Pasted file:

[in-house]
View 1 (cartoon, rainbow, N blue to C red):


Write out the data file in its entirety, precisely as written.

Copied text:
[in-house]
View 1 (cartoon, rainbow, N blue to C red):